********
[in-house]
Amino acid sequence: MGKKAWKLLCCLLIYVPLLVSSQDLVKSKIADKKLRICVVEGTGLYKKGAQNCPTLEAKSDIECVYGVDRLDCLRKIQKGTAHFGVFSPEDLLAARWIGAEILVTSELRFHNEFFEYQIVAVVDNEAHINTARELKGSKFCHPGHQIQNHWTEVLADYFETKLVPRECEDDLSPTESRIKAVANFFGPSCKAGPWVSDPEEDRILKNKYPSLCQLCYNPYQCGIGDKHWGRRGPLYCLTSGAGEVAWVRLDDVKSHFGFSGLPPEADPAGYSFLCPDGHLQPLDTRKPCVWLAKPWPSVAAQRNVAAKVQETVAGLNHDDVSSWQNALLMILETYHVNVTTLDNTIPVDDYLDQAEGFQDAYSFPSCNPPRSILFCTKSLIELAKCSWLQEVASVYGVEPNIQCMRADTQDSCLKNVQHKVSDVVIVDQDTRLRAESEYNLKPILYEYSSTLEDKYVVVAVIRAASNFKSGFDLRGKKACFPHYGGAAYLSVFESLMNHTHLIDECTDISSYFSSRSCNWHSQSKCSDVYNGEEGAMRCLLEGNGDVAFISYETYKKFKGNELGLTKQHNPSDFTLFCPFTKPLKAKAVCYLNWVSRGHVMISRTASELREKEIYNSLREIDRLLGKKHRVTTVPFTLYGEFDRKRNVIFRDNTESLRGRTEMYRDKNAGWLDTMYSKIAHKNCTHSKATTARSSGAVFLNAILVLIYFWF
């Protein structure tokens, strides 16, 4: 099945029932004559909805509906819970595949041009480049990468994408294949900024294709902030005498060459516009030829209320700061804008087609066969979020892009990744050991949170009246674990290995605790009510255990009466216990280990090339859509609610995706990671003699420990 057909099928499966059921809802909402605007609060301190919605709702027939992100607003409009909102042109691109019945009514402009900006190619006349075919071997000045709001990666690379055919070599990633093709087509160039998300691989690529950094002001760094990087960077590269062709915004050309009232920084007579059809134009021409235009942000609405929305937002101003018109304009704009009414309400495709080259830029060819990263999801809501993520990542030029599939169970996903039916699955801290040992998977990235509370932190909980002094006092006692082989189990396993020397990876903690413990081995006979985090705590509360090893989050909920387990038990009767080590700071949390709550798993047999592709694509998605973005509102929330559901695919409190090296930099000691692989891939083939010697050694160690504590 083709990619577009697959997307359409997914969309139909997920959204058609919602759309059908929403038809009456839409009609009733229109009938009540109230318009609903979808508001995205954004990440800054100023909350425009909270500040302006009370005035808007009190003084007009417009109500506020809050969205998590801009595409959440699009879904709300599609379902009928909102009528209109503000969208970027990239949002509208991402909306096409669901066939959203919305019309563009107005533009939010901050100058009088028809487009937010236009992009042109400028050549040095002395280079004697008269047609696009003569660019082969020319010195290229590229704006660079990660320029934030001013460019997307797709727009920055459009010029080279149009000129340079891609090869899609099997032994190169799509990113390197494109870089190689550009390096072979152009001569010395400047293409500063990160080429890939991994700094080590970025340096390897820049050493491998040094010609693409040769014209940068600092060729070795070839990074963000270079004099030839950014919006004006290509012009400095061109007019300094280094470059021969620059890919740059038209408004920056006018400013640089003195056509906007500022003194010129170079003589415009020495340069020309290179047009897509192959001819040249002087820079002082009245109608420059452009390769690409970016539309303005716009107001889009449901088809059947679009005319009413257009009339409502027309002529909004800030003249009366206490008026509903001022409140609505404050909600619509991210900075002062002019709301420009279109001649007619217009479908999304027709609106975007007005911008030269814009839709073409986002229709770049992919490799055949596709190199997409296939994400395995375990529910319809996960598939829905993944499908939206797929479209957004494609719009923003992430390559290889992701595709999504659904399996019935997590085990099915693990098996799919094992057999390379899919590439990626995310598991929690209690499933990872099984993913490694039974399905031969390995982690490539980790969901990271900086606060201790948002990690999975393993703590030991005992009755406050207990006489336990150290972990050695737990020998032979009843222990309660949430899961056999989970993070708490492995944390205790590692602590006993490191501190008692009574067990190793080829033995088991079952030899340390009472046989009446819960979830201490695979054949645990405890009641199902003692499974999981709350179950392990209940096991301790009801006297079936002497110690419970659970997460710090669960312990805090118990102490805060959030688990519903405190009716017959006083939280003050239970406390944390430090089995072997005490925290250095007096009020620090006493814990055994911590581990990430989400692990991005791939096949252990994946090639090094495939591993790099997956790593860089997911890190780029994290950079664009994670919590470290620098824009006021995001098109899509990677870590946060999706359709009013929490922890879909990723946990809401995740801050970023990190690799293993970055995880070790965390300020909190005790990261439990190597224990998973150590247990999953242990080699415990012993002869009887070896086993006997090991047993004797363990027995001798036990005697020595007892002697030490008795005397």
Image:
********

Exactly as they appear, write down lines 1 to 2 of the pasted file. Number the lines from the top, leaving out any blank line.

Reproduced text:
[in-house]
Amino acid sequence: MGKKAWKLLCCLLIYVPLLVSSQDLVKSKIADKKLRICVVEGTGLYKKGAQNCPTLEAKSDIECVYGVDRLDCLRKIQKGTAHFGVFSPEDLLAARWIGAEILVTSELRFHNEFFEYQIVAVVDNEAHINTARELKGSKFCHPGHQIQNHWTEVLADYFETKLVPRECEDDLSPTESRIKAVANFFGPSCKAGPWVSDPEEDRILKNKYPSLCQLCYNPYQCGIGDKHWGRRGPLYCLTSGAGEVAWVRLDDVKSHFGFSGLPPEADPAGYSFLCPDGHLQPLDTRKPCVWLAKPWPSVAAQRNVAAKVQETVAGLNHDDVSSWQNALLMILETYHVNVTTLDNTIPVDDYLDQAEGFQDAYSFPSCNPPRSILFCTKSLIELAKCSWLQEVASVYGVEPNIQCMRADTQDSCLKNVQHKVSDVVIVDQDTRLRAESEYNLKPILYEYSSTLEDKYVVVAVIRAASNFKSGFDLRGKKACFPHYGGAAYLSVFESLMNHTHLIDECTDISSYFSSRSCNWHSQSKCSDVYNGEEGAMRCLLEGNGDVAFISYETYKKFKGNELGLTKQHNPSDFTLFCPFTKPLKAKAVCYLNWVSRGHVMISRTASELREKEIYNSLREIDRLLGKKHRVTTVPFTLYGEFDRKRNVIFRDNTESLRGRTEMYRDKNAGWLDTMYSKIAHKNCTHSKATTARSSGAVFLNAILVLIYFWF